THE FALL OF PARIS: June 1940 by Herbert R. Lottman


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Compendious but not compelling story of the weeks between the Nazis' invasion of France and their entry into Paris, by Lottman (Colette, 1990, etc.). Lottman's knowledge of French affairs is impressive, as is his cast of characters, which includes Churchill, PÉtain, Sartre, Beauvoir, Clare Boothe Luce, de Gaulle, A.J. Liebling, Iliya Ehrenburg, and Ambassador William Bullit, FDR's man on the ground. The problem is that these celebrated figures appear in what seems an endless series of cameos embedded in an impressionistic array of short (often very short) unconnected segments. Luminaries appear and reappear, but their initial appearances do not establish them firmly, and the text is not easy to follow. French politicos and generals squabble, position themselves, insult each other, and reveal themselves as the Panzers move closer, but Lottman relates their maneuverings with a detachment that doesn't convey fully the flavor of, say, the traitor PÉtain or the agile and observant Mrs. Luce. There are some great adventures here, though: How physicist FrÉdÉric Joliot-Curie and his associates ran off with the world's supply of heavy water (for use in nuclear research) is one tale that's not lost in the shuffle. The great cliffhanger is whether and when the French government will flee, a question complicated by the lies being told about that flight. But the sheer mass of names and details combines with flat writing to smother the national disaster created by monumental French stupidity (the Maginot line) and corruption (in military spending). Personality-oriented popular history that's well researched but lacking bite.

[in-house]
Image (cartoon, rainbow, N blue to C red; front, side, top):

Pub Date: Oct. 7th, 1992
Page count: 368pp
Publisher: HarperCollins